“The Scarecrow has a gun.”
That’s the opening line of narration to a 2008 short thriller I co-wrote called “Paint Shaker,” about a Midwest workplace shooting.
It continues: “In ‘The Wizard of Oz,’ when the Scarecrow, Tin Man and Cowardly Lion are making their way through the Haunted Forest to rescue Dorothy, each carries a weapon. The Tin Man has a pipe wrench; the Lion holds a butterfly net and a pesticide sprayer. And the Scarecrow grips a silver revolver.
“Where did the one guy with no brains find it? Nowhere else in the Emerald City or Munchkinland or any of the other regions of Oz do people possess firearms. There are axes and swords and those spear-like things the Wicked Witch’s guards carry. But the enchanted land seems to be completely free, completely oblivious to guns.
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“Maybe Dorothy brought it along from Kansas …”
After watching “Paint Shaker,” a number of people questioned the reality of this detail in the beloved 1939 musical. But sure enough, the Scarecrow does indeed wield a handgun within the otherwise gunless community of Oz.
In the original script (by Noel Langley, Florence Ryerson and Edgar Allan Woolf) there’s no mention of a gun. The ax is explicitly referenced. The bug spray and net are left over from a previous musical number called “The Jitterbug” that was shot but cut in the editing room. (The song — with such lyrics as, “Oh, the bats and the bees and the breeze in the trees have a terrible, horrible buzz” — was an attempt to capitalize on the dance fad.)
Pistols, revolvers, sidearms, six-shooters — nothing. Someone made a conscious decision during production that the Scarecrow should pack heat.
The inclusion introduces more questions than answers:
Where’d the Scarecrow acquire it? Is there a gun store next to the hair salon in Oz?
If he picked it up in Oz, did it originally belong to the Wizard? (Remember, the Wizard is also a Kansas native, “born and bred in the heart of the Western wilderness.”)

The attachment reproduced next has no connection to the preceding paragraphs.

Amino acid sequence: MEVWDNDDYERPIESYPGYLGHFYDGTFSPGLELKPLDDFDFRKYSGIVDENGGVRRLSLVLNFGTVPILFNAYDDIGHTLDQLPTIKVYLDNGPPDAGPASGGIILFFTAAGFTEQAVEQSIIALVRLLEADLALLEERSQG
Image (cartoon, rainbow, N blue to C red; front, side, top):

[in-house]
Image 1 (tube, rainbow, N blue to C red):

If the flying monkeys hadn’t grabbed the Scarecrow first in the Haunted Forest, would he have shot them?
Is killing a flying monkey considered murder or animal cruelty?
If the technology for firearms exists, shouldn’t the Witch’s guards be armed with guns instead of halberds?
Assuming the entire thing is a concussion-fueled fantasy, what does it say about Dorothy that her best friend (“I think I’ll miss you most of all”) is the only one she envisions possessing a gun?
Since “Paint Shaker” came out, people have noted that the Munchkin soldiers bear rifles. True, but look closer at the rifles and they seem like dress-uniform props. Otherwise, the soldiers might have pointed them at Dorothy or the Wicked Witch when first threatened instead of running away. Of course, if the Witch can be melted by a bucket of water, she’s probably immune to bullets. If not, she’s a pretty lame threat. (The original script doesn’t mention rifles anywhere, either.)
It’s amusing that many things were “toned down” from the screenplay to make the movie more kid-friendly. For instance, the skywriting the Witch does with her broom originally spelled “Surrender Dorothy or Die.”
Yet in pre-war 1939, nobody considered that giving a pistol to the friendliest character in a children’s fantasy might come across a tad jarring.
Because of the iconic status of “Oz,” the film has been dissected and analyzed ad nauseam. There have been countless behind-the-scenes books and documentaries. But no one from the production has ever explained why the Scarecrow has a handgun.
Maybe he was carrying a water pistol …
About the series
The Star is celebrating this month’s 75th anniversary of “The Wizard of Oz” movie with a story every day. See previous stories at KansasCity.com.
Friday in FYI: Tornadoes made with stockings? How they made those wonderful effects in “The Wizard of Oz.”
Dress-up for Oz postponed
Curses! The Wicked Witch of the West apparently has cast a spell on our planned attempt Saturday to break a world record for largest gathering of people dressed as characters from “The Wizard of Oz.” Because of a scheduling conflict, we have to postpone our gathering until the fall. This should give you plenty of time to get your Dorothy, Tin Man, Scarecrow, Cowardly Lion, Witch or other wardrobe into Emerald City shape. Look for updates in The Star and on KansasCity.com.